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Network Models of the Diffusion of Innovations (The Hampton Press Communication. Quantitative Methods in Communication) Hardcover – January, 1995


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Product Details

  • Series: The Hampton Press Communication. Quantitative Methods in Communication
  • Hardcover: 192 pages
  • Publisher: Hampton Pr (January 1995)
  • Language: English
  • ISBN-10: 1881303217
  • ISBN-13: 978-1881303213
  • Product Dimensions: 0.8 x 6.2 x 9.2 inches
  • Shipping Weight: 15.2 ounces
  • Average Customer Review: 3.5 out of 5 stars  See all reviews (2 customer reviews)
  • Amazon Best Sellers Rank: #8,964,905 in Books (See Top 100 in Books)

More About the Author

Thomas W. Valente is a Professor and Director of the Master of Public Health Program in the Department of Preventive Medicine, Keck School of Medicine, University of Southern California. He is author of Social Networks and Health: Models, Methods, and Applications (2010, Oxford University Press); Evaluating Health Promotion Programs (2002, Oxford University Press); Network Models of the Diffusion of Innovations (1995, Hampton Press); and over 100 articles and chapters on social networks, behavior change, and program evaluation. Valente uses social network analysis, health communication, and mathematical models to implement and evaluate health promotion programs designed to prevent tobacco and substance abuse, unintended fertility, and STD/HIV infections. He is also engaged in mapping community coalitions and collaborations to improve health care delivery and reduce healthcare disparities. Valente received his BS in Mathematics from the University of Mary Washington, his MS in Mass Communication from San Diego State University, and his PhD from the Annenberg School for Communication at USC. He is currently a visiting Professor the École des Haute Études en Santé Publique.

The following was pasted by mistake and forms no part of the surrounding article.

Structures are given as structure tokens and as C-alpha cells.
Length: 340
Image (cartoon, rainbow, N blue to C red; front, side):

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14 of 19 people found the following review helpful By Bradd E. Libby on February 22, 2002
Format: Paperback
Though published in 1995, this book reads like it was written 20 years prior. The core chapters are each devoted to a different class of network models (relational networks, structural networks, threshold models, critcal mass models, and a chapter for 'others') and the author compares predictions made by each type to classic historical data regarding farmers in Brazil, birth control in Korea, and antibiotics among doctors. However, not a mention is made of the 'Santa Fe' school of innovation diffusion research and references to the wealth of recent research is scant (A survey of 2 randomly selected pages from the References show that, of the 35 works that appear on the pages, only 8 were less than 5 years old while 13 were from more than 20 years prior to the book's publication).
Further, the book doesn't seem to be well-suited to any particular kind of reader: because it lacks end of chapter exercises, it would not make a good textbook; it is extraordinarily light on mathematics (considering the subject matter) to be helpful to the serious scholar; and it doesn't cover the topics discussed nearly as well as, say, Everett Rogers' _Diffusion of Innovations_ or Duncan Watts' _Small Worlds_ to be interesting to the average reader. The body of innovation diffusion research is too rich to waste time reading this book, unless it's just for reference purposes.
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6 of 8 people found the following review helpful By Jennifer B. Unger on March 6, 2002
Format: Paperback
This book is an excellent review of the applications of social network analysis to health communication research. Tom Valente is an internationally-recognized scholar in social network analysis and health communication. In this book, he offers a very readable description of how social networks can be used to understand the transmission of new ideas through society. This knowledge is particularly important for the design of media-based education and advertising campaigns, because it explains how information is passed from person to person within a social network. Despite the rigorous mathematics underlying social network analysis, Dr. Valente presents the information in a way that can be understood by most applied social scientists. A must-read for social scientists who are interested in social networks!
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